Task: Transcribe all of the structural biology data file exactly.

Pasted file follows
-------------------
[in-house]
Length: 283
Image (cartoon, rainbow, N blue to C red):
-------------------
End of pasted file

[in-house]
Length: 283
Image (cartoon, rainbow, N blue to C red):